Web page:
Thursday, October 25, 2018

Belfast's Literary Renaissance

my piece in the Sydney Morning Herald on Belfast's literary renaissance which they commissioned
me to write after Anna Burns's Booker Prize Win:

When Anna Burns won the 2018 Man Booker Prize on Tuesday (London time) there were gasps from the audience in London's Guildhall. The bookies' early favourite was Richard Powers and his beautiful multi-layered novel about trees and people, The Overstory; the late money had all gone in the direction of Daisy Johnson's superb rewriting of the Oedipus story, Everything Under.
No one had thought Burns' Milkman stood a chance because her novel was set in Belfast, and Belfast, for a lot of literary London, is that awful place over the water where all the terrorists and loudmouths come from.
Milkman is a novel set in the West Belfast of the edgy 1990s, but the city, like the lead protagonist, is never named. Burns is not particularly interested in the tiresome tribal struggles that characterised Troubles-era Northern Ireland. For her, Milkman is an opportunity to ask questions about puberty, identity, self-knowledge and the meaning of life for a young woman on the cusp of adulthood.
The book begins with the appearance of the mysterious "Milkman" in the narrator's life as she is walking home from work reading Walter Scott's Ivanhoe. He offers her a "wee lift" in his sinister "shapeshifting" van that she declines. Milkman is a creepy 41-year-old married man who has a reputation as a groomer of young girls and as a player in the paramilitaries.

Successive "accidental" encounters with the Milkman make the narrator (known in the book as "middle sister") a focus of attention, and this in a town where gossip of that sort can get you shot in the kneecaps or worse.

So far so Belfast, but as critic Eoin McNamee has pointed out, Milkman's genius lies in its ability to create its own context. Burns has created both a story of Belfast and its particular sins but also a story of anywhere.

This could be a book set in a Graham Greene or John le Carre Iron Curtain city filled with spies and informers and there are deliberate echoes of China Mieville's The City and the City, in which identity, names and seeing the Other are contentious acts.
Intelligence pulses throughout the book. Milkman is a confident, funny, ambitious novel that mirrors Belfast's new-found confidence as a literary city.

Only 30 years ago, Belfast was a desolate war zone that you couldn't enter without going through a "search hut". The IRA's bombing campaign during the Troubles had reduced parts of the city to rubble.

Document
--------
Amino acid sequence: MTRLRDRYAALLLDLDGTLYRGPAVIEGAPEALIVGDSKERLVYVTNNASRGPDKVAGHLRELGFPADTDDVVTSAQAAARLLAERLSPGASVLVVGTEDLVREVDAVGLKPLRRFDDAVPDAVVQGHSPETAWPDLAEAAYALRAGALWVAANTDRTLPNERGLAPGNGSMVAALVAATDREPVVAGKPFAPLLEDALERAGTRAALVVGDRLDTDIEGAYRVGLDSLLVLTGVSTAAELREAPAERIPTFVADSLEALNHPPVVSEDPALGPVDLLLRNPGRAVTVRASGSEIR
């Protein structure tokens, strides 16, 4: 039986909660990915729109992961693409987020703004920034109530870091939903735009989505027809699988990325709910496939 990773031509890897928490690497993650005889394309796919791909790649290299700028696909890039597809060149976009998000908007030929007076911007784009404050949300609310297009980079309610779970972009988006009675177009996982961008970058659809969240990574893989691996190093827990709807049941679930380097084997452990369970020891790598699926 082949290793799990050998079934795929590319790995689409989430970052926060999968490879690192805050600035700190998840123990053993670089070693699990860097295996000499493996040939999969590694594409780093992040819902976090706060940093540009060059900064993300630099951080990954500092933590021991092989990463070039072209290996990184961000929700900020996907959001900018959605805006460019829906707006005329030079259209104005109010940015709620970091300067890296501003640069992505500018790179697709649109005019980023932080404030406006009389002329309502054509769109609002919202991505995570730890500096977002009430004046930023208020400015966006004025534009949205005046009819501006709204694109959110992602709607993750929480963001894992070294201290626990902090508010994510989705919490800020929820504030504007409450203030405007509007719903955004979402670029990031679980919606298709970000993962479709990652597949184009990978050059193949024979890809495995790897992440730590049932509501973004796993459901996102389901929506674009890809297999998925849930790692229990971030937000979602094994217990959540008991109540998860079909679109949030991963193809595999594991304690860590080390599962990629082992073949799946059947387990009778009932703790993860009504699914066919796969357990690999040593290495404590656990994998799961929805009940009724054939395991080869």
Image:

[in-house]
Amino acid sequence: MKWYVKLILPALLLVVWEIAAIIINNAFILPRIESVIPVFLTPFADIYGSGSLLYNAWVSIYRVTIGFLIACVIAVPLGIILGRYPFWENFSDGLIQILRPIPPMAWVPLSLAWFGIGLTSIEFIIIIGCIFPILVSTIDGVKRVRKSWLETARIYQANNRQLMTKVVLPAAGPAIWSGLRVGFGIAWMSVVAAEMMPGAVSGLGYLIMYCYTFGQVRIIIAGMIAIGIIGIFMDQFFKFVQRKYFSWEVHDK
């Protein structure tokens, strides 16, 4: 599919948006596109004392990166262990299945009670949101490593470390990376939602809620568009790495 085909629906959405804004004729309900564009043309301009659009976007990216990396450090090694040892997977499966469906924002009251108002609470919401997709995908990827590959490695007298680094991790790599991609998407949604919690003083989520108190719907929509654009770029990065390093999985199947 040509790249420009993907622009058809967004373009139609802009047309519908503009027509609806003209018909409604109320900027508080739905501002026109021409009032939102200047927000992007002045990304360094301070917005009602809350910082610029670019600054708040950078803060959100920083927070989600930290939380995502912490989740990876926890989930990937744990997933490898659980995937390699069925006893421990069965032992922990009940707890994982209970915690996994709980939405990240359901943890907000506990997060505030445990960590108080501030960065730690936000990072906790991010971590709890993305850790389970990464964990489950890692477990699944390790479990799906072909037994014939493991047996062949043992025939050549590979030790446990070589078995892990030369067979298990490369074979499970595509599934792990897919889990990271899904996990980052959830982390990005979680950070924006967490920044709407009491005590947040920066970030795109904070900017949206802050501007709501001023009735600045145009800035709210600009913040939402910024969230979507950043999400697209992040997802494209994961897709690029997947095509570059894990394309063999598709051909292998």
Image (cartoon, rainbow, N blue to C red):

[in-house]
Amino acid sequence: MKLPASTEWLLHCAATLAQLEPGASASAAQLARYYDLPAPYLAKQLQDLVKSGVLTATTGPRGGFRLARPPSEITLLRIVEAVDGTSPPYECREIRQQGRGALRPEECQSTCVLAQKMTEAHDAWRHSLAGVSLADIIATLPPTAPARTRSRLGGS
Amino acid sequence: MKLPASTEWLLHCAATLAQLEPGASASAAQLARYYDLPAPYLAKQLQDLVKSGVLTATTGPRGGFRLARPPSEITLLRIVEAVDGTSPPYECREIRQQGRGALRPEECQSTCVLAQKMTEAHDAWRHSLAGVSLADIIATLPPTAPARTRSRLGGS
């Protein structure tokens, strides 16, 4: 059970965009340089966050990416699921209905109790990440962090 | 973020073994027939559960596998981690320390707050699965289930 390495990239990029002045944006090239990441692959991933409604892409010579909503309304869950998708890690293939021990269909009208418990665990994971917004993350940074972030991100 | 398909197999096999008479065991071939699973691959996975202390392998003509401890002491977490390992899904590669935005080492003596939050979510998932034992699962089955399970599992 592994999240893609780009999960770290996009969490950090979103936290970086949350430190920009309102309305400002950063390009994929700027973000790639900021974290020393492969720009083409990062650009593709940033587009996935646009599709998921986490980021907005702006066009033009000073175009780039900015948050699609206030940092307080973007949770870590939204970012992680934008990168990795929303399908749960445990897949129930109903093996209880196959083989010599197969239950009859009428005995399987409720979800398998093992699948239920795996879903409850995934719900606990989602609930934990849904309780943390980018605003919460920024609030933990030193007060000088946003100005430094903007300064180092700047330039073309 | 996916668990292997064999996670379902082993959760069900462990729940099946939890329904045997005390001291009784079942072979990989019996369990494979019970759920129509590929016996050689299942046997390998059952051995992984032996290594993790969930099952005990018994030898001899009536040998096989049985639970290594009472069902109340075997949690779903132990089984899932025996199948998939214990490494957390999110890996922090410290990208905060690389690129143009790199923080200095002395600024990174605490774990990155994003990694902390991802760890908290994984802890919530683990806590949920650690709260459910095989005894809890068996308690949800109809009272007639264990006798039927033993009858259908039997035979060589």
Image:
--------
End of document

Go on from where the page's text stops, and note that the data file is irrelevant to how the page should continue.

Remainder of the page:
In the 1970s, Belfast had a thriving poetry scene, but after his local pub was bombed Seamus Heaney moved to Dublin and the other literary stars such as Paul Muldoon and Tom Paulin also began looking for the exits. Belfast became first a cultural backwater, and then a cultural desert. A moribund political scene, very poor funding for the arts, and what was essentially a low-level civil war all had an impact.

The poets had largely fled, the playwrights were going too, and a generation of young intellectuals found themselves marginalised or in exile. Many Belfast authors were told to their faces that if they wanted their books to succeed, they should switch the story to a Scottish or northern English city.
But the Good Friday peace deal of 1998 changed all that. Slowly at first the city began to revive and grow in self-assurance. Pubs and clubs started reopening. There were new shopping malls, new cinemas, new hotels, and new plays,  poems and novels. Game of Thrones came and transformed the Titanic Quarter. Belfast acquired a Michelin-starred restaurant, then another, and another. In the wake of Thrones came The Fall and Line of Duty.

The dour city of empire that was turned into a dreary provincial town after the partition of Ireland and a war zone after 1968 had at last become normal, perhaps even cool.

Novelists such as Glenn Patterson, Sharon Owens, Ian Samson, David Park and Robert McLiam Wilson charted this new territory. Ciaran Carson was Belfast's lyrical conscience and Sinead Morrissey was found to be an able inheritor of Heaney's legacy and then came the crime writers: Stuart Neville, Colin Bateman, Claire McGowan, Anthony Quinn, Gerard Brennan, Brian McGilloway and Steve Cavanagh quickly acquired an international reputation.
The Troubles with its macho posturing and institutionalised sexism was a particularly punishing environment for female artists. Burns is part of a movement of new female Belfast writers, along with Lucy Caldwell, Roisín O'Donnell, Jan Carson and others who are changing the game.

In the 20th anniversary year of the Good Friday agreement and with Brexit threatening to send Northern Ireland spiralling back down into the abyss, the Man Booker judges could not have sent a clearer message with this award to Burns and her wonderful novel: Belfast is back.

It is a proud cultural hub full of young people bursting with talent and ideas. Writers can show us new ways of looking at and interrogating the past but they show the lessons to be learnt, too. Let's keep the nightmare time in the realm of fiction. Let's never return to the bad old days.

Adrian McKinty's Sean Duffy novels are set in Belfast during the Troubles.